HCA Inc., the hospital chain bought four years ago in a $33 billion leveraged buyout led by KKR & Co. and Bain Capital LLC, filed to sell shares worth as much as $4.6 billion in an initial public offering.
HCA said it plans to raise a net $2.5 billion of the total by selling new shares and will use the proceeds to repay debt, according to a regulatory filing today. Ed Fishbough, a spokesman for HCA, declined to comment.
The stock offering would be the biggest U.S. IPO in two years. The hospital operator may profit from the health-care legislation President Barack Obama signed into law on March 23 that provides for coverage for millions of uninsured patients, said Sheryl Skolnick, an analyst at CRT Capital Group LLC in Stamford, Connecticut. She expects HCA to continue to look for hospitals to acquire, favoring multifacility deals in markets where it doesn’t have a presence.
“I don’t think HCA is really going to change their stance too much in the post-IPO environment,” Skolnick said in an interview. “They have a high-class problem in that, as a $30 billion company, you have to make pretty big acquisitions for it to have an immediate or material impact to your bottom line.”
Private-equity firms spent $2 trillion, most of it borrowed, to buy companies ranging from Hilton Hotels Corp. to Clear Channel Communications Inc. in the leveraged-buyout boom that ended in 2007 and are now seeking to cut that debt before it matures. HCA’s filing comes after four companies postponed U.S. initial offerings yesterday as stocks plunged the most in a year.
“HCA is timing the market,” said Josef Schuster, the Chicago-based founder of IPOX Capital Management LLC and manager of the Direxion Long/Short Global IPO Fund. “HCA sees the volatility now but they’re filing now because the IPO won’t happen in two or three months.”
U.S. IPOs had stumbled at the start of 2010 as the first 14 deals were cut by 22 percent on average, Bloomberg data show. LBO firms took some of the biggest discounts in 2010 after distributions to clients last year decreased to the lowest since at least 2000, according to data from London-based Preqin Ltd.
Blackstone Group LP in New York, the world’s largest LBO firm, raised less than half of what it sought for Graham Packaging Co. of York, Pennsylvania, in February. Generac Holdings Inc., the Waukesha, Wisconsin-based maker of generators backed by former bankers at New York-based JPMorgan Chase & Co.’s private-equity unit, cut its deal by 29 percent at the time of its offering.
The Nashville, Tennessee-based hospital operator’s 9.25 percent notes due in 2016 were unchanged at 104.25 cents on the dollar as of 11:40 a.m. in New York, according to Trace, the bond-price reporting system of the Financial Industry Regulatory Authority. Moody’s Investors Service placed the HCA’s ratings, under review for possible upgrade.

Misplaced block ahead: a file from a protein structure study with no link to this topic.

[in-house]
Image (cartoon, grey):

Bain spokesman Alex Stanton declined to comment on the IPO, as did KKR spokeswoman Kristi Huller.
HCA’s owners put up about $5.3 billion to buy the company, according to a regulatory filing, funding the rest with loans from banks including Bank of America, Merrill Lynch & Co., JPMorgan Chase & Co. and Citigroup Inc.
The hospital chain’s purchase in 2006 shattered the record for the largest leveraged buyout, held since 1989 by KKR’s acquisition of RJR Nabisco Inc. HCA’s record was eclipsed by Blackstone’s acquisition of Equity Office Properties Trust and again by the 2007 takeover of Energy Future Holdings Corp., by KKR and TPG Inc., for $43 billion including debt.
HCA, the largest U.S. hospital operator, had about $25.7 billion of debt as of Dec. 31, about 4.8 times its earnings before interest, taxes, depreciation and amortization, even before HCA’s owners tapped credit lines in January to pay themselves a $1.75 billion dividend. Tenet Healthcare Corp.’s ratio was 4.4 and LifePoint Hospitals Inc.’s was 2.85 at year-end, according to data compiled by Bloomberg.
Health-care companies have fared better than the average private-equity investment during the economic decline. KKR said in February that its holding in the company had gained as much as 90 percent in value as of Dec. 31, while stakes in Energy Future Holdings Corp. and First Data Corp. were worth less than their initial cost.
HCA was founded in 1968, when Nashville physician Thomas Frist Sr., and his son, Thomas Frist Jr., and Jack Massey built a hospital there and formed Hospital Corp. of America. By 1987, the company had grown to operate 463 hospitals, according to the company’s Web site. Thomas Frist Sr. is also the father of Bill Frist, a physician and the former Senate majority leader.
HCA went private in a $5.1 billion leveraged buyout in 1989, and then went public again in 1992, according to the company Web site. In 1994, HCA merged with Louisville, Kentucky-based Columbia Hospital Corp. In the mid-1990s the company, then called Columbia/HCA Healthcare Corp., operated 350 hospitals, 145 outpatient clinics and 550 home-care agencies, according to the company.
HCA also reported today that first-quarter net income rose 7.8 percent to $388 million as revenue gained on increased admissions. As of March 31, the company operated 162 hospitals and 106 free-standing surgery centers.
In December 2000, HCA agreed to pay $840 million in criminal and civil penalties to settle U.S. claims that it overbilled states and the federal government for health-care costs. It was the largest government fraud settlement in U.S. history at the time, according to a U.S. Justice Department news release on Dec. 14, 2000.